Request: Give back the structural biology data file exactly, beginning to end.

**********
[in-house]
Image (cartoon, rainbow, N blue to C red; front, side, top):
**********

[in-house]
Image (cartoon, rainbow, N blue to C red; front, side, top):